Peer-to-peer lenders such as Lending Club are creating secondary markets for trading loans they make. Although early in inception, such efforts point to the ability of new entrants to disrupt traditional market dynamics.
On 14 October 2008, Lending Club, an online peer-to-peer (P2P) social lending network, completed its U.S. Securities and Exchange Commission (SEC) registration process and opened its Web site to new lenders. This registration enables a secondary P2P loan market, offering enhanced liquidity options for the lenders.
Online P2P lending financial social networks (FSNs) have introduced another competitive force into the financial services market, this time in investment services. Lending Club's SEC registration creates a tradable market for these loans.
Lending Club now provides access to an SEC-regulated alternative trading system (ATS) managed by FolioFN, a registered broker-dealer. Only loans originated since the registration are eligible for trading. However, Lending Club says it is developing a plan to convert older loans to new instruments that will meet the trading criteria.
This new marketplace is important for two reasons:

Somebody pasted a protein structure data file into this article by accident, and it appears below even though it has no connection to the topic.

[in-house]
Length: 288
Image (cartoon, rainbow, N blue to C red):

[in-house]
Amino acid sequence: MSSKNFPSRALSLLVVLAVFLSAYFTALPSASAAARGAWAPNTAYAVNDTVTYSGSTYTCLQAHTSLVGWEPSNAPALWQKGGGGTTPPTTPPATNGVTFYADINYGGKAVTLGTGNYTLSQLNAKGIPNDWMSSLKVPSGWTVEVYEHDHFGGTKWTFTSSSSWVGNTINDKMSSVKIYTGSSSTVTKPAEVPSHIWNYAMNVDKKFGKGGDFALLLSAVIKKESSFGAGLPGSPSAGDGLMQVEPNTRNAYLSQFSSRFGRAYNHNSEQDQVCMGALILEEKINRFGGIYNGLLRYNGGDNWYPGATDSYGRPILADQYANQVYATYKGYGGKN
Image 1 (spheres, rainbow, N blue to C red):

A secondary market for these loans enhances the liquidity of a lender's investment. Previously, a lender was required to tie up funds for the three-year life of the loan, with repayment on a fixed monthly schedule. Now, a lender with immediate needs can (at a market price) liquidate the investment via the trading market.
While SEC registration began before the current credit crisis expanded, the move toward a regulated market for less traditional investment instruments presages the eventual direction for derivatives traded over the counter (OTC). The ability of a small startup such as Lending Club to develop a regulated market for illiquid instruments (albeit on a small scale) puts additional pressure on larger banks to rapidly establish exchanges for what are currently OTC instruments.
Prosper Marketplace, another P2P lender, began a similar registration process on 15 October 2008, indicating further growth potential for trading P2P loans. With large and small investors seeking increased transparency and liquidity, banks must monitor these efforts for opportunities and threats.
Competition increasingly comes from unexpected directions. Develop competitive intelligence processes that look beyond traditional geographic and industry boundaries.
Expect FSNs to continue to expand their services to both borrowers and lenders, as well as their distribution networks. Consider partnering with FSNs to improve their distribution capability and meet investor demand for more transparent investment vehicles.
Examine the registration processes of Lending Club and Prosper Marketplace, and look for lessons in how to achieve greater speed and efficiencies in new business efforts.
"Virgin USA Buys CircleLending: How Should Banks Respond?” — Market disruption will occur only when FSNs extend their offerings from individual networks to interconnected ones. By David Furlonger and others
"Social Lending Will Challenge Bank Customer Relationships” — Nonbank FSN platforms are replacing banks as intermediaries in the borrower and lender supply chain. By David Furlonger
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